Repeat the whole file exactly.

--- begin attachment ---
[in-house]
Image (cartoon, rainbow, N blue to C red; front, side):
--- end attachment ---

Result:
[in-house]
Image (cartoon, rainbow, N blue to C red; front, side):